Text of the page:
downtownexpress.com

Volume 19 • Issue 18 | September 15 - 21, 2006

City promises South End safety study

By Ronda Kaysen

The city will take a new look at pedestrian crossings on South End Ave.—and if problems are found, changes might follow, a city official told Battery Park City residents recently.

Residents have long complained about pedestrian safety on South End Ave., a wide street that stretches along the southern end of the neighborhood from Two World Financial Center near Liberty St. to South Cove near Third Place.

“The traffic down here is getting worse and worse and drivers don’t obey the signs,” said Maria Smith, a public member of Community Board 1, at a Sept. 5 meeting that Lori Ardito, Lower Manhattan Borough Commissioner for the city Dept. of Transportation, attended.

South End Ave. begins and ends with cul-de-sacs, making it a well-used turn-around for taxis, buses and cars heading out of the neighborhood and onto the West Side Highway. One intersection in particular — at Rector Place — frustrates pedestrians because it has no traffic signal.

“You are unique in Manhattan, but you aren’t unique citywide,” said Ardito at the C.B. 1 meeting. “Many neighborhoods don’t have stoplights or stop signs at every intersection.”

Pedestrians heading toward the bus stop on the opposite side of Rector Pl. or to the Rector St. pedestrian bridge must walk a block out of their way, if they want to cross with a signal.

Ardito pledged her agency would conduct a four-month study of the intersection at Rector Place. If the study warrants changes, the agency could add a traffic light, stop sign or other measure to ease the crossing for pedestrians. She promised to “send someone out at the worst hour of the day to study it.”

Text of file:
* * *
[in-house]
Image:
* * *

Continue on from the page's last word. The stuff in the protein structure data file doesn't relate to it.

Even the streets with signals are problematic. Albany St., which has a light, “is not safe either,” said C.B. 1 member Jeff Galloway, because a pedestrian must contend with turning traffic. Head south to the West Thames St. intersection and pedestrians are faced with a stop sign on only the south side of the street. The safest crossing is two long blocks north of Rector St., at Liberty St. “But it’s not particularly safe, either,” said Galloway, because 100 percent of the vehicles are turning.

So what is a pedestrian to do? “Probably the safest spot to cross is to jaywalk between Liberty and Albany,” said Galloway. “But that’s not safe either. The bottom line is there’s no safe way to cross the street.”

Ardito said she’d send the D.O.T. out to look at the other intersections and find ways to make them more pedestrian friendly.

“There are a number of things that we can do to reduce conflicts with pedestrians,” like delaying traffic signals for pedestrians, said D.O.T. spokesperson Christopher Gilbride. “There are a number of tools that we have in the toolbox.”



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